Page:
Assessing Willingness to Test for HIV among Men who have Sex with Men using Conjoint Analysis
|P.I.||Sung-Jae Lee, Ph.D.|
Project Name: Assessing Willingness to Test for HIV among Men who have Sex with Men using Conjoint Analysis: Implications for Testing and Treatment for Prevention of HIV Transmission
Brief overview: Various HIV testing methods currently available all have advantages and drawbacks. In order to increase consumers’ HIV testing uptake, identifying key attributes influencing willingness to test for HIV is critical. MSM have significantly lower rates of HIV testing than the rest of theUSpopulation, despite reporting similar rates of risk behaviors. This study used conjoint analysis to provide an empirical basis for determining strategies to increase HIV testing uptake among MSM in Los Angeles, thus contributing to the feasibility of the “test and treat” initiative in Los Angeles.
Targeted Risk Group: Men who have sex with men (MSM)
Geographical Location: Los Angeles, CA
Intervention Model: Cross-sectional study assessing willingness to test for HIV using conjoint analysis
Research methods: From June 2011 to September 2011, 75 MSM aged 18 and over were recruited from the Los Angeles Gay and Lesbian Center (LAGLC) to participate in a one-time conjoint analysis exercise to gather information around their HIV testing preferences. Each hypothetical HIV testing scenario (conjoint) consisted of specific combination of seven dichotomous attributes. We found a broad range of willingness to test (WTT) for HIV scores across the eight hypothetical HIV testing scenarios (range: 32.33 – 80.33). The HIV testing scenarios with the highest WTT score had the following attribute profile: test given at home, free, blood collection, results available immediately, anonymous, results can be given by phone, and counseling given in-person by a counselor. The HIV testing scenario with the lowest WTT score had the following attribute profile: test given at home, costs $50, blood collection, result available in 1-2 weeks, anonymous, results given in person, and counseling information on a brochure with an option to call. Three attributes had a significant impact on influencing MSM’s decision to get tested for HIV. Price had the biggest impact (impact score=31.42), followed by timeliness of results (Impact score=13.91) and location (Impact score=10.25). Impacts of other four attributes on WTT score were not statistically significant.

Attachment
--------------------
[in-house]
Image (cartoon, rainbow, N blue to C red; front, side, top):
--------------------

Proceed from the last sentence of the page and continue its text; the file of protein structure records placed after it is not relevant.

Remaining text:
Local Significance: This pilot study provided a vital first step in providing population-specific data on willingness to test for HIV among MSM inLos Angeles. The findings will be valuable in informing HIV testing research and policy communities on 1) consumer reactions to different attributes of HIV testing, 2) the design of social marketing campaigns to facilitate HIV testing uptake, and 3) the design of new HIV testing methods to ensure uptake.